And OPEC thought 2017 was tough. 2018 could be a killer. The starting point isn’t great. The group and the International Energy Agency — the two giants of the oil world — have very different views of the year ahead. OPEC sees the policy of output restraint finally yielding the results its architects intended, with the surplus in stockpiles eradicated. The consumers’ group holds the opposite view. According to its forecasts, if output restraint continues, 2018 will see a further 155 million barrels of oil withdrawn from global stockpiles. For the IEA, though, producers face a further accumulation of oil in storage in the first half of 2018 and a balanced market in the second half. Overall, it sees global oil inventories increasing by 72 million barrels.
They can’t both be right
Consumers’ response to end-user prices, which are likely to rise, could be key. They had a clear reaction to the collapse in prices in 2015 — demand growth surged in response to a near 50 percent fall in prices that began in the middle of the previous year. This year, growth in consumption has remained robust as oil prices stabilized around $50 a barrel. Will this continue next year? OPEC believes so. The IEA is not quite so confident. The biggest difference, though, is on the supply side. The IEA sees much stronger growth than OPEC does in U.S. oil supplies. The Department of Energy is similarly upbeat. Its latest forecast shows U.S. oil production increasing by 1.6 million barrels a day between December 2016 and December 2018.
Importantly, its monthly assessments — which are usually more accurate — have now caught up with their weekly estimates. The ability, and desire, of shale producers to respond to higher oil prices could make or break OPEC and friends’ output pact next year. For its part, OPEC has done an impressive job of sticking to its guns, and its friends outside the group have not done badly, either. Overall OPEC compliance with the cuts it agreed to make was 121 percent in November, according to the secondary source data the group uses to monitor the deal.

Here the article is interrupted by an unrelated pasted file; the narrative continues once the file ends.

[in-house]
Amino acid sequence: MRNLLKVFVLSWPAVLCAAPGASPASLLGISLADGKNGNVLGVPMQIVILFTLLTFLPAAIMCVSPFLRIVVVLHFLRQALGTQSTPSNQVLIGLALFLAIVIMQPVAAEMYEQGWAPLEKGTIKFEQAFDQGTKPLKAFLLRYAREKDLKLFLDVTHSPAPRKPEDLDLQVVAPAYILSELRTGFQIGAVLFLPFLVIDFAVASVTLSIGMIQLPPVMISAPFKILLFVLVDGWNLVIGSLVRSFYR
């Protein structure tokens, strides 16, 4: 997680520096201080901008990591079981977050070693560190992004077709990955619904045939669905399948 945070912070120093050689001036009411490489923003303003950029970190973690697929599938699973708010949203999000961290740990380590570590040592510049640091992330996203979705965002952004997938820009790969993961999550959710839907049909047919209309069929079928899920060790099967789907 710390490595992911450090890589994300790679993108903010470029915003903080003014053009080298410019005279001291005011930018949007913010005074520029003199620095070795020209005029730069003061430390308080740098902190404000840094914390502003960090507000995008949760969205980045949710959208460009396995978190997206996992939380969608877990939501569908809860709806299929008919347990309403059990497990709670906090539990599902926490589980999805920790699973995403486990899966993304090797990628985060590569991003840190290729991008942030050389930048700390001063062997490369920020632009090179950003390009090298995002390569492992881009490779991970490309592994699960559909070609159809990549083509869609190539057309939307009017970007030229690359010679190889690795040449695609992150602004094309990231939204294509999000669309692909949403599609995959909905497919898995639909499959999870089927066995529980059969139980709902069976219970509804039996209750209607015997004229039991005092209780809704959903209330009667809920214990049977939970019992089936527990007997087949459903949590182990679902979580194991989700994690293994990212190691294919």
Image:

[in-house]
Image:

But, it’s important to remember that involuntary drops in production have been big factors in how well producers have done. That could actually be a big positive when it comes to unwinding the deal, if they get to that point next year. Around 400,000 barrels a day cut by Venezuela and Angola probably can’t be restored quickly, while the key Middle Eastern members — Saudi Arabia, the U.A.E. and Kuwait — will not want to raise output so fast that prices collapse again.
So will producers get to that point in 2018? Maybe. Inventories in the developed economies of the OECD countries, the only ones that are really visible, have begun to come down sharply in the past couple of months, after a slow start. But more than 60 percent of the reduction in the excess has come from an increase in the five-year average level of inventories, against which the excess is measured, rather than to the reduction of the amount in storage.
Sure, rising oil demand means that the world needs to store more oil to provide cover for the same number of days of demand. But even using this measure, the rising baseline still accounts for more than a third of the correction. Even if OPEC does get to where it wants to be next year, it may still find that the world has more oil in storage than it needs. The group’s output restraint is already set to last four times as long as originally planned. Oil ministers will be fervently hoping that the IEA is wrong and that they won’t need to extend it again. Carrying everyone with them for a third year could start to get really tricky.